From the Listener Comment Line, “Whoever the gentleman was that just made a reference to the Spoonbread Festival controversy in Berea, accidentally referred to it in the first phrase of the All Things Considered report that it was a decision made by the Berea City Council. That’s not correct. "

Bourbon Barrel Expansion in West Ky.

Apr 4, 2016

A company that produces bourbon barrels is expanding their operations in Kentucky, investing $12 million dollars in a new mill in Marshall County.

The American Stave Company is bringing around 48 full-time jobs to the area. The mill will produce wooden staves that will then be shipped to the company's cooperages to make bourbon and whiskey barrels.

Ky. General Assembly Backs Additional 9-1-1 Funding

Apr 4, 2016


The Kentucky General Assembly has taken action to help localities across the Commonwealth maintain emergency 9-1-1 services.  It comes with increased costs for some cell phone users.

State Budget Impasse Remains an Issue

Apr 4, 2016

Kentucky lawmakers are deadlocked on a state budget but have to come up with a compromise by April 15th—the last day the state constitution allows them to meet.  If the stalemate continues, state government could be partially shut down. 

Leaders of the Democratic-led House refuse to accept cuts to K-12 and higher education proposed by Senate Republicans and Gov. Matt Bevin. GOP leaders say the cuts are necessary to put more money into the state’s ailing pension system.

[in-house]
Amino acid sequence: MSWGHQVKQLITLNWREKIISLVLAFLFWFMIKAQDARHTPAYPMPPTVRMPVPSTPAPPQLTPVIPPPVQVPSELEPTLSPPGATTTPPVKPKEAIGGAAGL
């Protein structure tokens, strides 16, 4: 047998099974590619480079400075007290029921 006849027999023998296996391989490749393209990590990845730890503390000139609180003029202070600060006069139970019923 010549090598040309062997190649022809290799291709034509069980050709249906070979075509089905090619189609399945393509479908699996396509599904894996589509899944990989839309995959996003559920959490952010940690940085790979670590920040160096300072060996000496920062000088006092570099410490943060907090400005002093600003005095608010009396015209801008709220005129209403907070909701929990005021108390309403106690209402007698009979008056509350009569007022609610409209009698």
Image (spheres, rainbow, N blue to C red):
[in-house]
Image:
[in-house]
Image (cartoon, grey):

Attorney General Tells Bevin To Rescind Education Cuts, Threatens Suit

Apr 1, 2016

A day after Republican Gov. Matt Bevin issued an order cutting the state’s current contribution to higher education by 4.5 percent, Democratic Attorney General Andy Beshear said that move is illegal.

In a news conference late Friday afternoon, Beshear — the state’s top law enforcement official — told Bevin to rescind his order, which made the cuts to state colleges and universities. He said if the governor did not do so within seven days, his office would file suit.

Rice Leach, Lifelong Public Health Professional Remembered

Apr 1, 2016
Fayette County Health Department

Lexington Commissioner of Health Rice Leach passed away Friday morning following a battle with cancer.   

A Kentucky native with public health professional experience at the federal, state, and local levels, Leach served as state public health commissioner from 1992 to 2004. 


Louisville State Representative and retired surgeon Bob DeWeese put Leach’s impact in six words.  “That was his life, public health."


Reaction to Governor Bevin's Higher Ed Funding Cut

Apr 1, 2016

Kentucky Governor Matt Bevin’s executive order cutting all state universities’ funding by four point five percent in the current fiscal year is drawing reaction from the higher education community.  That includes officials at Eastern Kentucky University.